The April increase in housing starts, particularly single family starts, is exactly what I expected given the approaching end of the home buyer tax credits and the beginning of a housing market that moves with underlying economic factors. Home builders were probably able to start a few modest homes and still expect to complete them in time to deliver before the end of the tax-credit qualification period of June 30. But, I expect they also started some homes to replace the ones they already sold because of the tax credits.
The 10.2% single family starts increase was reasonably broad-based and in line with the gradual increases that started in early 2009. Multifamily starts (units in 2+ buildings) fell 18.6% with most of that decline in the South and West as that market continues to adjust to a shadow inventory of foreclosed and short-sale homes put up for rent.
April single family building permits declined 10.7% with a slightly larger fall in the South and West. March permits were up as it looks like builders stocked up before the end of the tax credit deadline so some of the decline was due to drawing down permits already in hand. However, I think the fall is also a signal that builders will continue to be cautious about building to the market and not ahead of it.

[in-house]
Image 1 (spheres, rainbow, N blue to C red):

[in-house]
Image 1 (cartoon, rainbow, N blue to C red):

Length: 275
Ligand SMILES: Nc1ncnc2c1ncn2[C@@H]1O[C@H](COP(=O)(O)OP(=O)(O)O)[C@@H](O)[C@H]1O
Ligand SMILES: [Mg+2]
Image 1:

Some new home sales in May and June were advanced to take advantage of the home buyer credits so I expect to see a plateau in sales and construction activity as economic factors take the place of incentives. Home sales will begin to respond to low mortgage rates, relatively stable house prices, good affordability conditions, a recovering employment market, and the pent-up demand that has been postponed during the nearly two-year recession.
The NAHB/Wells Fargo Housing Market Index did show a 3-point increase in May and all three components of the index, current sales, traffic and six-month expectations, were up. The index value is the highest in almost three years and indicates to me that builders are confident that the stimulus from the tax credit will be the spark needed to continue the housing recovery. However, the relative low absolute level of the index (22) also says that home building has a long way to go before it is back to an equilibrium level (an index value of 50).